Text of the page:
“What’s going there, we don’t know yet,” shares Mayor Dean Kaufert, but removal of the eyesore will lead to a fresh start and the City will regain ownership of the property.
Another up and coming development is Gateway, a $6 million tower planned for downtown Neenah at the site of Kaufert’s business, Under the Dome Sports Bar & Grill, which he owns with his wife, Renee. The Kauferts have possession of the building until April 15. After mid-April, it will be razed to make room for the tower. The Kauferts are currently exploring sites to possibly continue their business.
“When I became mayor, I ceased any of my involvement in the project,” Kaufert notes. “The good news is at the end of the day, there’s going to be a $6-8 million development on the site.”
The City approved $1.37 million toward the five-story office building led by businessman John Bergstrom.
Kaufert also is pleased that plans are underway for Menasha’s Corp.’s new global headquarters.
Aldi will be coming to Neenah as well with a new store this spring, but it won’t resemble the typical box store facade, Kaufert notes. Instead, the city negotiated with the chain to try an enhanced prototype store that will be more attractive to the area.
Umer Sheikh, a partner in Investment Creations, continues to contribute to what has become his home. Originally from Pakistan,
he settled in Neenah after moving around and continues to develop the area in his second life. He purchased the Equitable Reserve Association building downtown in November 2013 and partnered with the city on its redevelopment.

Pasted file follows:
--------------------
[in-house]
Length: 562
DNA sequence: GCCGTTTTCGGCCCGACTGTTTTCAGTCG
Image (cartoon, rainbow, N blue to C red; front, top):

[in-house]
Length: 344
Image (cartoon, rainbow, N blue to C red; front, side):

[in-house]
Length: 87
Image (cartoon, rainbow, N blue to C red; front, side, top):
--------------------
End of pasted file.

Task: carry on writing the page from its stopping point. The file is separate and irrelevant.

“The main thing was to save the building and try to bring it back. It was Neenah. If it was anywhere else, we probably wouldn’t have done it. Neenah is home,” he shares of the building built in 1909.
The main and second floor of the building is home to several businesses, including the newly opened Lion’s Tail Brewing Co. The third floor is being restored to how it was initially used during the building’s ERA days — for events.
“I think it’s going to be a destination point to have your wedding, have your business meeting, have your special event,” says Kaufert.
“This is a labor of love,” says Sheikh who admits he is drawn to the beauty and character of old buildings and materials used in their construction. “I’m just incredibly fortunate and incredibly blessed to do what I love to be doing everyday.”
The ERA building had to be brought up to code, will receive a new elevator and bathroom, needed patch and repair work, and the drop ceiling is being restored. Additional work, including replicating existing crown moulding, was included in the scope of the project as well. Sheikh, also the partner of The Marketplace and Timshel Cafe, hopes to have the work complete by April.